In 2001, RiverLink identified an opportunity to develop a demonstration project taking a watershed wide approach to improving water quality within the Swannanoa River Watershed. This project identified 5 project sites to implement stormwater BMPs to treat non-point source pollution, and two stream restorations. Stormwater BMPs project sites include Evergreen Charter School and the Jones residence in Haw Creek, Riverwalk Park and Well Lot #6 in Black Mountain, and Azalea Park. We restored a small section of Haw Creek through Charlie Bullman Park, and restored over 1 mile of the Swannanoa River through Azalea Park. The Swannanoa Restoration is one of the most highly visited restorations for educational and recreational purposes.
Robinson Creek parallels Mills Gap Road in Arden, draining over 2500 acres of land, before it converges with Cane Creek. The Cane Creek watershed was identified by the NCEEP as one of 28 local watersheds with the greatest need for stream and wetland restoration. In 2007, RiverLink had the opportunity to work with a group of professionals and residences in South Asheville, to restore over a half mile, 3500 linear feet of Robinson Creek. Robinson Creek is classified as, trout waters, therefore beyond restoring the stream an additional 20 acres of riparian conservation easement was donated to protect these resources.
Watershed: Town (Nasty) Branch
Location: 315 Livingston Street, Asheville, NC, 28801
The City of Asheville Fire Department and Stormwater Services Department approached RiverLink with the idea of making our Fire Stations demonstration sites for sustainable technologies. The goal is to treat the stormwater and water from washing the fire trucks prior to entering Town Branch, a tributary to the French Broad River. Fire Station #2 was selected as the first pilot project site, supported through a grant from the Pigeon River Fund. RiverLink teamed up with the NC Cooperative Extension Service to provide a rain garden certification class in the fall of 2012. During this class the participants installed the plants, outlet control structure, and mulch in the rain garden. The City participated through excavating the garden, installing a trench drain and underground pipe to the garden, and continues to assist in modifications and maintenance.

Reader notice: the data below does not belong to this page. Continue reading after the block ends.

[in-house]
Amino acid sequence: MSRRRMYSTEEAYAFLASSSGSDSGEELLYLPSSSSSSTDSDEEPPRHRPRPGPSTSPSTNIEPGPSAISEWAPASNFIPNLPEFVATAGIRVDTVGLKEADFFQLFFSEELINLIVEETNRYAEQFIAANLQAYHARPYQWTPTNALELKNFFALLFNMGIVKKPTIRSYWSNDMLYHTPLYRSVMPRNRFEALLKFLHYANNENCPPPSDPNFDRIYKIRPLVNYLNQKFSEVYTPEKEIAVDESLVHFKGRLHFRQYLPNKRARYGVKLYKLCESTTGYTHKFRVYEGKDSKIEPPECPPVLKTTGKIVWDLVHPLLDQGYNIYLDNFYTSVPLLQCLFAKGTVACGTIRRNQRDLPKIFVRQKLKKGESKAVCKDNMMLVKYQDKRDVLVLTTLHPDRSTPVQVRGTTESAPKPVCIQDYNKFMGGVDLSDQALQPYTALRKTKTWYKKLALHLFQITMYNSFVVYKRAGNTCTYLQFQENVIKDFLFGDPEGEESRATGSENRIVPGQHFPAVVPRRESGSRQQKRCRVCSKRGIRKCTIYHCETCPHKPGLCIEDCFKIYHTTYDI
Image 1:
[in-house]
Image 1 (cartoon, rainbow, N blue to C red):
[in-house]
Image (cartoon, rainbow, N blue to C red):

Watershed: French Broad River
Location: Amboy Road, Asheville
In 1999 the former Asheville Motor Speedway, a 50-acre motor racetrack on Amboy Road, was purchased and developed into what has become the most used recreational facility in the city of Asheville. RiverLink raised over $1.6 million dollars, for the purchase and development. In 1999, RiverLink donated the Speedway, with a conservation easement, to the City of Asheville. This property offered opportunities to capture and treat stormwater from the adjacent neighborhoods. A few large constructed wetlands were developed to capture and treat rain water before it enters the French Broad River. There are numerous kiosks throughout the park that assist in educating the public on stormwater management. The old Speedway has been rechristened Carrier Park and now boasts a variety of family fun activities that attract visitors from all over the region.